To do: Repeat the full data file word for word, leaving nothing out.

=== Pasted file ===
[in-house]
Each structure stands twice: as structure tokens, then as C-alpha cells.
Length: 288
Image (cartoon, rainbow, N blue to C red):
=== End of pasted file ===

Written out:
[in-house]
Each structure stands twice: as structure tokens, then as C-alpha cells.
Length: 288
Image (cartoon, rainbow, N blue to C red):